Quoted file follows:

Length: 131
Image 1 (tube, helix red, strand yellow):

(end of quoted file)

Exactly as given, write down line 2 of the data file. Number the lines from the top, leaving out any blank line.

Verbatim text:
Image 1 (tube, helix red, strand yellow):